A handful of groups bought online display ads to complement lobbying and other efforts aimed at influencing February's economic stimulus legislation.
The Nuclear Energy Institute and Environment America may not have much to agree upon. Still, both organizations have something in common: Each hoped to influence economic stimulus legislation last month by using online display ads targeting Members of Congress and influencers in Washington, D.C.
Organizations came out of the woodwork in February to demonstrate the value of investment in the industries they represent and promote their causes while lawmakers were crafting the stimulus legislation. A handful of groups bought Web ads to accompany lobbying and other efforts, though some have more to learn about how best to employ digital media to communicate their messages.
"We were leveraging an issue that was on the front burner in Congress and in legislation," said Mike McGerry, EVP public affairs for AdvaMed, a medical technology industry advocacy organization. An extension of a broader campaign that originated in traditional media in June 2006, the association began running online display ads last month in two healthcare-related beltway publications, CQ HealthBeat and National Journal Online's Healthcare Experts Blog.
"Stimulate the economy with quality healthcare, medical technology makes progress you can see," read the ads, created by D.C.-based strategic consulting firm Neimand Collaborative. As the economic meltdown became apparent last year, the association recognized an opportunity, and decided to tailor an ad campaign to relate specifically to the economy and government recovery plans. McGerry said AdvaMed realized, "There might be an opportunity to tell our value story again, but in the context of the economy." The group began buying Web ads to enhance its longer-term campaign in 2008 to demonstrate the value of the medical technology industry to policymakers, according to McGerry.
The trade association believes its Web ads complement the in-person communications it has with Congressional members. "It should help in our advocacy," said McGerry. Explaining the importance of exposing legislators to information about the medical tech industry, he continued, "Our target audience is the [Obama] Administration, it's Congress, it's regulatory agencies.... To the extent that they see and understand the value we provide, we believe that will help us when we go and advocate on an issue."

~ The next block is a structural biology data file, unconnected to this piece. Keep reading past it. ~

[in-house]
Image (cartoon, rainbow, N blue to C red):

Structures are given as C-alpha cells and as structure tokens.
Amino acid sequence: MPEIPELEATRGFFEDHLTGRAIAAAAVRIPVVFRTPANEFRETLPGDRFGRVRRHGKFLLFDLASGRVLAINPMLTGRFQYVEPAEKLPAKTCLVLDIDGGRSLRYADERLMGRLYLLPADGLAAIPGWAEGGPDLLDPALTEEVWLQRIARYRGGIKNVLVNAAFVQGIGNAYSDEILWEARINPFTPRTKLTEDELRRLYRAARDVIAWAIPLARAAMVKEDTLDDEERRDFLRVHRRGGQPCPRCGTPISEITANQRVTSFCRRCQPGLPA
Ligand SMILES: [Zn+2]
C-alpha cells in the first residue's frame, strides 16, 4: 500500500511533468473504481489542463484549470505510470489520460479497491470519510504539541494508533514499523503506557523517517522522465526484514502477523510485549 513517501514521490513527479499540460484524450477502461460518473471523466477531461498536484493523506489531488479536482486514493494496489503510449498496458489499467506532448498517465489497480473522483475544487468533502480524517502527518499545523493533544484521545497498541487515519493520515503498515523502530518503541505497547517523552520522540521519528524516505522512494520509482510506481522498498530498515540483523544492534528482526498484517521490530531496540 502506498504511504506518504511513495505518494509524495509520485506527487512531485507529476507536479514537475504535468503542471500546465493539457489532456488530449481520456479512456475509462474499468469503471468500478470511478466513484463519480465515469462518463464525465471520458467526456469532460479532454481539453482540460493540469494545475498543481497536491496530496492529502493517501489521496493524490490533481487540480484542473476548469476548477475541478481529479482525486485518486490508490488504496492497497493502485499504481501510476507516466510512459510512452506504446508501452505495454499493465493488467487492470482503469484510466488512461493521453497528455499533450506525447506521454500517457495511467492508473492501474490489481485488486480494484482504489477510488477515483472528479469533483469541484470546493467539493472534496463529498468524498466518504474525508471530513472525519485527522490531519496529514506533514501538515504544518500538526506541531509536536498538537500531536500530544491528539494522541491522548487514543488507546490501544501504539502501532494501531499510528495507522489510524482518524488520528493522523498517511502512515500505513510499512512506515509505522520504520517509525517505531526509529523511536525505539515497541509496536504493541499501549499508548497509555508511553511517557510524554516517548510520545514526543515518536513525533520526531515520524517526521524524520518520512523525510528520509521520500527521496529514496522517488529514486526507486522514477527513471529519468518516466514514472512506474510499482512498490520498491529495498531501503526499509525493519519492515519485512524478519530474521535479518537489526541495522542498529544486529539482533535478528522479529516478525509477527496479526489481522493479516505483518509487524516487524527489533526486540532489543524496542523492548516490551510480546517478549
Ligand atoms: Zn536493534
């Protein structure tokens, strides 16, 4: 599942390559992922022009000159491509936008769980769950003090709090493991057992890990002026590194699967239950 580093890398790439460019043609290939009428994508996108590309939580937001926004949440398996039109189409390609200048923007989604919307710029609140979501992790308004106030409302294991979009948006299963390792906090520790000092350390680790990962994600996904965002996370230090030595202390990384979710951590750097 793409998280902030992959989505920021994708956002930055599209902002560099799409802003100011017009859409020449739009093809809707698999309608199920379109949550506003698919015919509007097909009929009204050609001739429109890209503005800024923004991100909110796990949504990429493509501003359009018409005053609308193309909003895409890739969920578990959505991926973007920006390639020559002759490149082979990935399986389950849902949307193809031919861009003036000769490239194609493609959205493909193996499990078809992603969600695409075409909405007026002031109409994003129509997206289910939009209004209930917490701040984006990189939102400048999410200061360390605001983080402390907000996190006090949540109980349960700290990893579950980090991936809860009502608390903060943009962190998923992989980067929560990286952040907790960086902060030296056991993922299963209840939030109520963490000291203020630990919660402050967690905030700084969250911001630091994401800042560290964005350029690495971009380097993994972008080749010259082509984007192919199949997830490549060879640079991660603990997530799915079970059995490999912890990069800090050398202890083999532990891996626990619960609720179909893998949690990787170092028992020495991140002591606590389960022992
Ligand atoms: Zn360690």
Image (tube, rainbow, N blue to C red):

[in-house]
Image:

"Nuclear energy fuels economic growth & job creation," declared ads spotted by the Media Trust Company on National Journal Online and Politico in early February. The ads linked to the Nuclear Energy Institute's homepage, which promotes a white paper on how "The nuclear energy industry can play an important role in any program to stimulate creation of new jobs and economic expansion."
"We're definitely doing a lot more advertising online this year," said NEI Web Manager Ken Berard, who said the ads were not tied only to the stimulus bill, but aimed at raising awareness of how building nuclear plants will create jobs. The organization is also starting a search ad campaign soon.
Environment America, a collective of environmental advocacy groups, has opposed moves toward further investment in nuclear energy. Yet, like the NEI, the group of citizen-funded organizations used display ads in the hopes of influencing the stimulus legislation. With the Senate vote just a few days away, Environment America recognized the need to influence those determining what would stay and what would be removed from the bill passed earlier by the House of Representatives.